Meet the 2022 Well+Good Changemakers
The ways we think about and nurture our well-being have never felt more critical. Which is why, in Well+Good’s third annual Changemakers list, we’re excited to highlight the innovators who are changing the way we all eat, move, think, grow, and care for ourselves and each other.
Get to know: the founder of the first Native-owned digital fitness studio, pioneers in the home gardening space, a leading astrologer changing not only how we view astrology, but also how we value workers—and many more.
This is the future of wellness.
AK MacKellar (They/Them)
Founder of Free To Move
All bodies deserve the freedom of movement—and that’s why AK MacKellar (They/Them) is betting big on a more inclusive fitness industry. A certified personal trainer and fitness coach, MacKellar sought healing through movement after a 2019 accident led to a brain injury and chronic illness. Now, they’re the founder of Free To Move: a body inclusive digital movement platform designed for the LGBTQ+ community.
This year, MacKellar wants to welcome more folks to Free To Move by centering historically under-represented fitness bodies—including fat people, people suffering from chronic illnesses, and trans folks.
Self-Healing Educator, Mental Wellness Advocate, and Founder of The Sugar Jar Community App
Yasmine Cheyenne is helping people rethink their healing, reframe their mental health, and find community in sharing their personal struggles with her aim of “Self-Healing for Everyone.” Her popularity has skyrocketed as of late, boasting an online community of over 150,000—particularly on Instagram, where she shares affirmations, thought starters, and reframing techniques for her followers, and as the host of The Sugar Jar Podcast.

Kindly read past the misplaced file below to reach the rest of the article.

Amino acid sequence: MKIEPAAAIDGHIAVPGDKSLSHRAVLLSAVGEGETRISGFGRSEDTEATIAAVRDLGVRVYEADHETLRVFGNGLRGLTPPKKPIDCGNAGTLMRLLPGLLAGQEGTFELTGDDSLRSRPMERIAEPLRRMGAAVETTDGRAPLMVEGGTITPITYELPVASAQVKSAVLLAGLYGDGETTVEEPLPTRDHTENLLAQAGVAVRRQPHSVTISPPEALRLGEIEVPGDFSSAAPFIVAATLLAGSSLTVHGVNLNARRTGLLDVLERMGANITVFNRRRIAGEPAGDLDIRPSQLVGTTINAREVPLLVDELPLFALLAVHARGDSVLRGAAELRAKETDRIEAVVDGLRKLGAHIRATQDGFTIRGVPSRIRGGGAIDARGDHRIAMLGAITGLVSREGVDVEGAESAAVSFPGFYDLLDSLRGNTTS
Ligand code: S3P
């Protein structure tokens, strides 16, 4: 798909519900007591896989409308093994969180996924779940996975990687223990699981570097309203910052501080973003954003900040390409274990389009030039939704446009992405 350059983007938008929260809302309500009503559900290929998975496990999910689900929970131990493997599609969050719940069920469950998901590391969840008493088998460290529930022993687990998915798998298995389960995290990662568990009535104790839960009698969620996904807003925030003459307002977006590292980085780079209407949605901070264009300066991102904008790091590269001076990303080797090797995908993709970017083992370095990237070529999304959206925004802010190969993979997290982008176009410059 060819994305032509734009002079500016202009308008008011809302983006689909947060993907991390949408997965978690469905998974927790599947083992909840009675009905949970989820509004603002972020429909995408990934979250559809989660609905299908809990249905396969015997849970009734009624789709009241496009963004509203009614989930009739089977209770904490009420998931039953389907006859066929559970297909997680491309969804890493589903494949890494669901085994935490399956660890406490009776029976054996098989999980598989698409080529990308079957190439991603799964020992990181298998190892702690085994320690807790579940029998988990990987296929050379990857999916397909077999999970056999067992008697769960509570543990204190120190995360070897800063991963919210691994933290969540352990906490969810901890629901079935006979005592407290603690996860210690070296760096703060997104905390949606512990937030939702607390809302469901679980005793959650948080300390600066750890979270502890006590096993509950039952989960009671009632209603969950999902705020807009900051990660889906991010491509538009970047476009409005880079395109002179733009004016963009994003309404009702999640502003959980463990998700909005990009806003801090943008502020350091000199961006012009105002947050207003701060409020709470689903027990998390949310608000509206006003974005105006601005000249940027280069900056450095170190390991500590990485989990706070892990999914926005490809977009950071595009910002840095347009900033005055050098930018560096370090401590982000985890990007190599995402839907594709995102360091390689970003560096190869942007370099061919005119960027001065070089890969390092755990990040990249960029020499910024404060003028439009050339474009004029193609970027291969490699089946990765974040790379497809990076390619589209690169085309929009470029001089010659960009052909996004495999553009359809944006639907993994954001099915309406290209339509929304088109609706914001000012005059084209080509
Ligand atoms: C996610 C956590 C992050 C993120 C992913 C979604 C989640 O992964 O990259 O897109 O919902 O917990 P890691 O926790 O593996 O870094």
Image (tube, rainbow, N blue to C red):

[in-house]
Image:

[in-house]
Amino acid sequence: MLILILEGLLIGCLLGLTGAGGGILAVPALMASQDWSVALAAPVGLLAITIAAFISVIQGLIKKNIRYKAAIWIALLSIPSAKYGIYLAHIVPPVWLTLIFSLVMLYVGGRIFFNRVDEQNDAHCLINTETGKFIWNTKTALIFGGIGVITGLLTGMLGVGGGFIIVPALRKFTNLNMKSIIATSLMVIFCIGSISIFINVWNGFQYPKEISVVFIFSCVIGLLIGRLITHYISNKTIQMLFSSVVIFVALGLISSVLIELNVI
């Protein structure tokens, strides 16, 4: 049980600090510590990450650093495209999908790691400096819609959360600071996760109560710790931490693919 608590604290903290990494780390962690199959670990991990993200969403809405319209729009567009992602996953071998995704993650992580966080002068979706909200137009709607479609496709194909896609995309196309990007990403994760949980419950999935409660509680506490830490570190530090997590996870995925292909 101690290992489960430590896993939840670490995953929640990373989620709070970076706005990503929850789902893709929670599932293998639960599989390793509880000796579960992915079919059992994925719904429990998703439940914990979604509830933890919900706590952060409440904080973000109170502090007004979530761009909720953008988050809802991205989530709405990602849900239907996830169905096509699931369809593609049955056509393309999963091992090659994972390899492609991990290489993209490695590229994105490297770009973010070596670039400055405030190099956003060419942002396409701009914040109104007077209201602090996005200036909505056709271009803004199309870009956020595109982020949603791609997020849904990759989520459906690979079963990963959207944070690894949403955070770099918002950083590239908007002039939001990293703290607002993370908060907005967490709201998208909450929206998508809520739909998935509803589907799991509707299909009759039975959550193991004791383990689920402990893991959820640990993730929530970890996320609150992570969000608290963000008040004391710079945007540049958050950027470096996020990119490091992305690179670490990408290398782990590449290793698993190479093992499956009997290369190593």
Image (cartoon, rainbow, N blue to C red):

Corporate giants including ABC, Meta, and Skillshare have invited Yasmine to share her transformative teachings around self-healing, which she also offers through keynote speeches, corporate presentations, and one-on-one coaching. In 2022, Cheyenne launched The Sugar Jar® Community app, a safe space to develop self-awareness, learn boundaries, and find resources to support your mental health.
Nikhil Arora and Alejandro Velez
Co-Founders of Back to the Roots
You don’t need a huge, outdoor garden to grow fresh foods—and Nikhil Arora and Alejandro Velez are here to prove it. After a mutual love of mushrooms brought them together in college, they grew a special crop of ‘shrooms in Velez’s fraternity. The rest, as they say, is history: During their final year of school, the two received a $5K grant that allowed them to quit their corporate jobs and become full-time urban mushroom farmers. Just like that, Back to the Roots was born.
Now, the dynamic duo sells easy grow kits with the intention of everyone feeling empowered to grow their own food. Back to the Roots is already the fastest-growing gardening company in the country. And in 2022, you can expect Velez and Arora to continue giving everyday consumers the know-how and tools they need to grow their own herbs, veggies, mushrooms, and more.
CEO of State of Menopause
When fashion stylist and TV personality Stacy London was told by her doctor that the array of symptoms she was experiencing a few years ago—from depression to skin rashes to heart palpitations—was “just menopause," no feeling of relief washed over her. In fact, it was quite the opposite. She felt helpless, while also feeling like she shouldn’t discuss it, much less complain about it. “The feeling was, ‘I don’t look like myself anymore, I don’t feel like myself anymore, and I have no agency over what to do about it,’” she says. So when the opportunity to lead a menopause-care company arose, she jumped on it. She became CEO of State of Menopause in 2021, with a goal to provide the resources for menopause that she wished she had herself.